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JAMA. 2005 Mar 23;293(12):1471-6.

Incidence of cervical squamous intraepithelial lesions associated with HIV serostatus, CD4 cell counts, and human papillomavirus test results.

Author information

1
Department of Epidemiology and Population Health, Albert Einstein College of Medicine, Bronx, NY 10461, USA. tharris@aecom.yu.edu

Abstract

CONTEXT:

Recent cervical cancer screening guidelines state that the interval between screenings can be safely extended to 3 years in healthy women 30 years or older who have normal cytology results and have negative test results for oncogenic human papillomavirus (HPV) DNA.

OBJECTIVE:

To determine the incidence of squamous intraepithelial lesions (SILs) in HIV-seropositive women with normal cytology results, by baseline HPV DNA results.

DESIGN, SETTING, AND PATIENTS:

Participants were HIV-seropositive (n = 855; mean age, 36 years) and HIV-seronegative (n = 343; mean age, 34 years) US women with normal baseline cervical cytology who were enrolled in the Women's Interagency HIV Study (WIHS), a large, multi-institutional prospective cohort study. Since their recruitment during 1994-1995, WIHS participants have been followed up semi-annually with repeated Pap smears for a median of 7 years.

MAIN OUTCOME MEASURE:

The cumulative incidence of any SIL and high-grade SIL or cancer (HSIL+) was estimated according to baseline HPV DNA results, stratified by HIV serostatus and CD4 T-cell count.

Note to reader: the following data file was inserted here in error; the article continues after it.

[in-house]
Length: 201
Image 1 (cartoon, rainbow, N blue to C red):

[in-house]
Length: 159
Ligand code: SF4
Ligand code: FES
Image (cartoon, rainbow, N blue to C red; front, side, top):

RESULTS:

Development of any SIL in women with negative HPV results (both oncogenic and nononcogenic) at 2 years was as follows: in HIV-seropositive women with CD4 counts less than 200/microL, 9% (95% CI, 1%-18%); with CD4 counts between 200/muL and 500/microL, 9% (95% CI, 4%-13%); and with CD4 counts greater than 500/microL, 4% (95% CI, 1%-7%). The CIs for these estimates overlapped with those for HIV-seronegative women with normal baseline cytology who were HPV-negative (3%; 95% CI, 1%-5%), indicating that at 2 years, there were no large absolute differences in the cumulative incidence of any SIL between groups. Furthermore, no HPV-negative participants in any group developed HSIL+ lesions within 3 years. Multivariate Cox models showed that on a relative scale, the incidence of any SIL among HIV-seropositive women with CD4 counts greater than 500/microL (hazard ratio [HR], 1.2; 95% CI, 0.5-3.0), but not those with CD4 counts less than or equal to 500/microL (HR, 2.9; 95% CI, 1.2-7.1), was similar to that in HIV-seronegative women.

CONCLUSION:

The similar low cumulative incidence of any SIL among HIV-seronegative and HIV-seropositive women with CD4 counts greater than 500/microL and who had normal cervical cytology and HPV-negative test results suggests that similar cervical cancer screening practices may be applicable to both groups, although this strategy warrants evaluation in an appropriate clinical trial.

PMID:
15784870
DOI:
10.1001/jama.293.12.1471
[Indexed for MEDLINE]

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